19740_858224399361_7695867_n

screen-shot-2017-01-17-at-1-38-01-pm

Seven year later, I was back for another first but this time, it was my cousin’s. Back in July, he’d sent me a message asking about half marathons. Since he lives in California, I sent him a few suggestions to do out there. But, I also threw in RnRAZ and told him that I do it every year and that I’d run it with him if he decided to come out.

He signed up as soon as I said that.

On Sunday, my cousin was going to his first ever expo picking up his first ever bib. He’d never done a 5k or a 10k, this would be his very first race.

15965394_10107328084861091_7989409316108441139_n

15977453_10107328085340131_9028856231745456010_n

 

I could see the excitement on his face as we got in our corral. My bib may have said 2 this time around but I was him in 11 (a better corral than my first, 15, lol!).

16107665_10107342282034841_1970875952_o-1

We had a goal of finishing sub 3 hours but most of all, we had a goal of having fun.

16144977_10107342283995911_1141805435_o

The first five miles went by smoothly, but I could tell my cousin was beginning to struggle. We began taking walk breaks and then as we reached the big hill of the course (there are little ones to prep you lol) I could tell he was sick. We pulled off to the side so he could, you know, do what he needed to do.

At mile 9, I promised him that as soon as we got up the hill, it would downhill the rest of the way. By then though, he was completely checked out and only concentrating on putting one foot in front of the other.

We reached mile 11, finally, and I turned to him and said, “We are right on schedule. We have 30 minutes for two miles. We can get this sub 3!!

Except he was done. So done. He had his headphones so I couldn’t give him words of encouragement. I only hoped whoever he was listening to was doing a good job for me.

When we reached the last mile, I knew we’d be cutting it close. I nudged him and pointed to my watch. ONE MORE MILE.

Finally, we made our last right turn and we could see the finish. I yelled, c’mon let’s run it in!!! He shook his head.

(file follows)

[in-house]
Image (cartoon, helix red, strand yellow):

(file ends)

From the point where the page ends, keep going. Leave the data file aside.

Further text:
Um, sorry dude, but we ARE running it in.

I pulled his arm and put my other arm on his back.

Let’s go!!

And at just a couple of minutes over 3 hours, he was a half marathoner 😀

16144882_10107342283327251_1335735014_o

Our stats :)

Our (my) stats 🙂

He was tired. He was sick. But he was oh, so proud!

16129347_10107342285557781_137070849_o

And you know what, he was ready for more ❤

screen-shot-2017-01-17-at-1-27-30-pm

yesssssss

–Do you remember your first race? What comes to mind when you look back to it?

Phoenix Marathon Course Preview and a Race Entry GIVEAWAY!!!

This past weekend I ventured out to the start of the Phoenix Marathon course to get a “feel” for the first part of the race.

As you can see, the beginning part of it is a nice downhill followed by a not-so-nice uphill, lol. I have no “real” goal for this race, but I would be lying if I said I didn’t hope to PR. I’m hoping with my NYC Marathon fitness, the downhillish course, and home court advantage will help me lower my sub 4 marathon time. 😀

Okay, fine #realtalk Whenever I think of Phoenix Marathon, I don’t remember my very first ever marathon. Instead, I remember that cold February morning back in 2015 dropping out a little past mile 12 😦  My DNF that year is not how I want to remember this race.  So that’s the biggest reason I want to do well. REVENGE.

I was able to have a running buddy venture out to the start with me (the race is a point to point that begins far out in Mesa in the middle of the beautiful desert, lol) and he joined me for the first 6 miles of the course. My plan was to do the downhill part and the hill–loop around a circle doing the hill a few times for 16 miles total (my first Hanson’s 20 of this cycle).

Unfortunately, I took an early turn and ended up doing a lot of little loops and the Phoenix hill a few more times than planned, jaja!!! I chalked it up to more training for the course, lol!

I should've kept on going to Eaglecrest instead of turning left....oh wells..

I should’ve kept on going to Eaglecrest instead of turning left….oh wells..

Doooown, and then up, and then down, and then up and then down

Doooown, and then up, and then down, and then up and then down

Anyway, it was a good, hard run that left me confident about next month’s race. I’m actually excited. I think because I have a sub 4 already, I don’t have the major pressure of that goal hovering over me. Also, I have a nice, long break awaiting after this race that I’m very much looking forward to 😀

And because I’m a Phoenix Marathon Ambassador, I get “rewarded” with extra entries the more times people use my code (Helly10 for $10 off the half or full). Because everyone is awesome and using it, I’ve managed to snag an entry to giveaway for any distance the race offers–10k, 1/2, or full!! YAY!!

This giveaway is on my Instagram so make sure you check out the deets there to enter. Doesn’t a spontaneous trip to warmer weather sound amazing??? 😀 ❤

–Have you ever won a race entry?

–Do you ever practice/train on the course you will race? (this was actually the first time I’ve done that)